font size

Definition of Marburg virus

Marburg virus: The virus that causes Marburg hemorrhagic fever, a disease which affects both humans and non-human primates. The Marburg virus is a genetically unique zoonotic (that is, animal-borne) RNA virus of the filovirus family, and its recognition led to the creation of this virus family. The four species of Ebola virus are the only other known members of the filovirus family.

Marburg virus was first recognized in 1967, when outbreaks of hemorrhagic fever occurred simultaneously in laboratories in Marburg and Frankfurt, Germany, and in Belgrade, Yugoslavia (now Serbia). A total of 37 people became ill; they included laboratory workers as well as several medical personnel and family members who had cared for ill individuals. The first people infected had been exposed to African green monkeys or their tissues. In Marburg, the monkeys had been imported for research and to prepare polio vaccine.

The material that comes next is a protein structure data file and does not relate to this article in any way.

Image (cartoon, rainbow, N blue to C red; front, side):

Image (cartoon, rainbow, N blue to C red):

Recorded cases of the disease have appeared in only a few locations. Marburg virus is indigenous to Africa. While the geographic area to which it is native is unknown, this area appears to include at least parts of Uganda and Western Kenya, and perhaps Zimbabwe. As with Ebola virus, the actual animal host for Marburg virus also remains a mystery. See also: Viral hemorrhagic fever.

Source: MedTerms™ Medical Dictionary
http://www.medterms.com/script/main/art.asp?articlekey=6368
Last Editorial Review: 10/8/2012

Drug Medical Dictionary of Terms by Letter

Top RxList Drug News

Women's Health

Find out what women really need.

advertisement
advertisement
Use Pill Finder Find it Now See Interactions

Pill Identifier on RxList

  • quick, easy,
    pill identification

Find a Local Pharmacy

  • including 24 hour, pharmacies

Interaction Checker

  • Check potential drug interactions
Search the Medical Dictionary for Health Definitions & Medical Abbreviations